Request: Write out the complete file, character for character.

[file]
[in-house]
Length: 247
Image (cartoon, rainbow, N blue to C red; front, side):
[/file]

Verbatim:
[in-house]
Length: 247
Image (cartoon, rainbow, N blue to C red; front, side):